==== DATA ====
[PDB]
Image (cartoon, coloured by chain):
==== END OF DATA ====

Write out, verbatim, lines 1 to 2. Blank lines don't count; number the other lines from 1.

[PDB]
Image (cartoon, coloured by chain):